The dilemma of Dykes Drive

To stop a street sign from perpetually being stolen, Buckhead residents want to give their quiet road a new name. Will it work?
Dykes Drive
On many days, the street signs on Dykes Drive are missing, costing the city and causing frustrations for residents.

Max Blau

For decades, ne’er-do-wells have stolen the road signs from one Buckhead street repeatedly. It’s gotten so bad—17 times in the past two years—that its residents want the street renamed.

Troutman Sanders attorney Brink Dickerson, who lives in a two-story brick house about a half-mile west of Chastain Park, has had the sign outside his residence, at the corner of Dykes and Hillside drives, vanish over and over. Some speculate it’s a tradition for local teenagers or some college prank that never gets old.

“While the city replaces it, repeatedly, it is missing a substantial majority of the time,” Dickerson says. “And when it is stolen, it routinely takes that long to replace.”

Dykes Drive is named for a former Atlanta Public Schools superintendent—William F. Dykes—who also had a high school named after him. Billy Payne went there. So did Johnny Isakson. But the school has been closed for 42 years (the building is now Willis Sutton Middle School), and so the name of Dykes Drive, at least as an homage to an obscure figure in Atlanta’s history, feels less relevant every year, especially when considering the annoyance of the chronic thefts of the signs, as well as the fact that the name doubles as an offensive term to describe lesbians. Residents are petitioning City Hall to change the street name to Tuxedo Forest Drive.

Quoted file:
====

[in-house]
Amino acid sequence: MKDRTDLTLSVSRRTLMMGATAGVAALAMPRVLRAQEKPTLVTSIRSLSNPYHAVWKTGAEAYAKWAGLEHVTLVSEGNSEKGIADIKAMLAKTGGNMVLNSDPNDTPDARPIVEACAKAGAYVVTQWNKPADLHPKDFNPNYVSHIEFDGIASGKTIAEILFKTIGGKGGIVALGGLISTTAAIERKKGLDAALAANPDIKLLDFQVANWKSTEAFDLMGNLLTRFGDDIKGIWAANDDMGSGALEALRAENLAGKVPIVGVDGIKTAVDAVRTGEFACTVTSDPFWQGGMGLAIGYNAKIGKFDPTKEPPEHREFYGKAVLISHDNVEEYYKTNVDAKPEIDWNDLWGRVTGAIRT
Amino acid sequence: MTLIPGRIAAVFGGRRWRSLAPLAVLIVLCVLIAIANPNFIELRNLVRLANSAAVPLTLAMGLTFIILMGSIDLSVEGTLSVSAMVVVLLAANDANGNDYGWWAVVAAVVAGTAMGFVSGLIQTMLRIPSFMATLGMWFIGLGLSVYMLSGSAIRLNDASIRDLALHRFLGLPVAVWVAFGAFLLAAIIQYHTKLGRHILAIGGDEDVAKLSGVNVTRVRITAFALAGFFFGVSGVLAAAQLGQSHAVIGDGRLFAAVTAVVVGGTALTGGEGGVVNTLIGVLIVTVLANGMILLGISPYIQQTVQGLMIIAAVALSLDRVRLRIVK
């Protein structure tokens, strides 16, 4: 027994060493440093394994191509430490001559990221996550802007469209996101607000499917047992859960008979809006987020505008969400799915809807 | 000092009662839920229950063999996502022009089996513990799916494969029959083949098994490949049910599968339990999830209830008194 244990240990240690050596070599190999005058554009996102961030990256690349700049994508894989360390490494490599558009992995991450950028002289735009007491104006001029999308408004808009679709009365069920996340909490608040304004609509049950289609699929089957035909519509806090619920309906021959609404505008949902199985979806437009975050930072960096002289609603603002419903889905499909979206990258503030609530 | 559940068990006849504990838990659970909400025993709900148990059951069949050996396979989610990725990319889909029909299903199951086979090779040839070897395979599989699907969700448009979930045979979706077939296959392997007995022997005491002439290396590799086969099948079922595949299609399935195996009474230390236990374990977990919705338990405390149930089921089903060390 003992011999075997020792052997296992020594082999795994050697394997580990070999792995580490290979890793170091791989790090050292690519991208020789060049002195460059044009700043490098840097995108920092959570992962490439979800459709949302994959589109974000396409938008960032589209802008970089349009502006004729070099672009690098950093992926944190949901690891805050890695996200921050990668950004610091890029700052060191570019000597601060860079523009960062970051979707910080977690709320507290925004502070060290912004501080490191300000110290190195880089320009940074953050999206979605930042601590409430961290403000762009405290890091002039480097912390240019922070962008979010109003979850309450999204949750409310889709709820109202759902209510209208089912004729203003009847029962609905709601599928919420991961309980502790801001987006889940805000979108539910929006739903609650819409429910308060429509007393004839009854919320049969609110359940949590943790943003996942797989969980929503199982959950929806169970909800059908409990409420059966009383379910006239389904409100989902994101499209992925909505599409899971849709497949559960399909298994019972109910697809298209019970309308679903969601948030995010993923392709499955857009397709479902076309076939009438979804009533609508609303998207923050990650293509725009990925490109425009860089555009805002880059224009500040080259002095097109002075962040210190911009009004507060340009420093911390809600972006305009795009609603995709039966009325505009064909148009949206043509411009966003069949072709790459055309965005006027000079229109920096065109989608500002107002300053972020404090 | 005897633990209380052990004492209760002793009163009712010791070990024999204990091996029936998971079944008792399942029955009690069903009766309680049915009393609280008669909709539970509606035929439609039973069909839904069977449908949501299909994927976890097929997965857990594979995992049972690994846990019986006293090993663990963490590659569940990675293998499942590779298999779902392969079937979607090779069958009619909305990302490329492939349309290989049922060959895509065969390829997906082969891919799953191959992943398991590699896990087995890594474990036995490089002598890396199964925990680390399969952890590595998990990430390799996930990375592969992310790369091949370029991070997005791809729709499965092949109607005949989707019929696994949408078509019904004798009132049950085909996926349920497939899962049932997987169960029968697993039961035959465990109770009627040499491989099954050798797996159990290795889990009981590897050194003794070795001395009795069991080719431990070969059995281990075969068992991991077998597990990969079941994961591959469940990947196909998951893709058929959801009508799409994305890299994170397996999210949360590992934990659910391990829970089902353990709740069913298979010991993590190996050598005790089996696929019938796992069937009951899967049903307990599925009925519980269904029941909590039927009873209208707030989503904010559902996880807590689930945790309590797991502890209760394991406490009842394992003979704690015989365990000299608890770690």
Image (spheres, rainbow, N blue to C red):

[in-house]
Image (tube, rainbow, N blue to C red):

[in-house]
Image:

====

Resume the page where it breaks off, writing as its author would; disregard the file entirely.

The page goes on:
“We thought about derivatives of the current name,” Dickerson says, “but believed that anything with the current name in it would not stop the thefts.”

Atlanta City Councilwoman Yolanda Adrean, who recently introduced a measure to change Dykes Drive’s name, tells us that replacing just one sign costs $150, in addition to any expenses associated with sending the city’s Department of Public Works employees to replace them.

“For some reason, people find it amusing, and I can’t explain that, or their behavior,” Adrean says. “It’s become a big nuisance.”

Typically, the biggest obstacle in renaming an Atlanta street—as seen with the controversy in turning Spring Street to Ted Turner Drive in Downtown—is getting 75 percent of signatures from residents or businesses on the affected portion of a thoroughfare. According to Matthew Norman, a psychiatrist who’s lived on Dykes Drive since 2010, all nine homeowners on the street support the name change. If the local Neighborhood Planning Unit approves the proposal—which would give preservationists a chance to weigh in—it would go before the Atlanta City Council, then finally to the desk of Mayor Kasim Reed.

Dickerson, who currently chairs NPU-A, says there’s a bigger issue at play aside from the inconvenience caused by the constant thefts. “How many times does a friend or delivery person have to drive up and down Hillside Drive before he or she figures out where to turn?” he asks. Without the signs, Norman says, police officers, fire departments, or ambulances could also have trouble finding the street—which no one living on Dykes Drive wants to risk, should an emergency arise.

If approved, future residents of Tuxedo Forest Drive will have to deal with another set of potential headaches. “It will take all of us years to straighten out the changes in our addresses,” Dickerson says, “. . . and everyone’s credit rating will take a hit—because it will look like we moved within the last year or so.” But for Norman, who once joked with his wife about the city’s “stash of pre-made Dykes signs,” the issue is no longer a laughing matter.